A new type of clinical brain imaging: nuclear neurology

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A new type of clinical brain imaging: nuclear neurology

June 19, 2017
Molecular Imaging PET SPECT
From the June 2017 issue of HealthCare Business News magazine

By Robert S. Miletich

Much of the historical development of medical imaging after the time of Wilhelm Roentgen was fueled by a quest for an image of the brain.

Even with the use of X-rays, the brain in the intracranial vault remained a secret place, as it was not readily examinable by clinical practitioners because of its encasement in the bony box called the skull. The development of computed assisted tomography, now called CT, revolutionized the practice of clinical neurology in the 1970s. CT was soon overtaken by nuclear magnetic resonance imaging, now called MRI, in major part because of the better soft tissue contrast that MRI affords. CT and MRI show the anatomic structure of the brain, which is clinically important because nervous system diseases or illnesses often affect that structure, though not always. In contrast, brain disorders always affect the functioning of the brain. We are now entering into a new era, wherein we clinically have the capability of creating images of the functioning brain. This is the focus of nuclear neurology (NN), a 21st century diagnostic field now available for clinical medicine.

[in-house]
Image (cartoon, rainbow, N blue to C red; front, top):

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NN uses the techniques of nuclear medicine in order to examine the brain. Its modalities include positron emission tomography (PET), single photon emission computed tomography (SPECT) and scintigraphy. NN is also called neuromolecular imaging, because the source of its signal is from a radioisotope tagged to a molecule which demonstrates or traces some physiologic process. NN is also cellular imaging as we are measuring physiological processes, many of which reside within the brain cells. The improved diagnostic accuracy of NN directly results from this characteristic of measuring physiology through both molecular and cellular imaging.

Diagnosis of neurologic syndromes is particularly difficult because it is a two-step process. First, any particular set of neurologic signs and symptoms can be due to pathology at multiple sites in the nervous system. This, in part, is related to neural redundancy in the mediation of function. It is also due to the fact that for a neural signal to gain expression to the outside world, it must traverse through multiple levels of the nervous system. Second, there are a large number of diseases that can cause any neurologic syndrome, hence the differential diagnosis is quite wide. Since brain disorders always affect physiologic function, by assaying the appropriate physiologic process, NN provides increased sensitivity for disease detection. Since each disease process has its own functional profile, NN provides increased specificity for distinguishing between illnesses. Increased sensitivity plus increased specificity equates to increased diagnostic accuracy. The main advantages of NN over conventional imaging are: early diagnosis in the pre-diagnostic and even pre-symptomatic phases of chronic disease; differential diagnosis; and evaluation of therapy efficacy.

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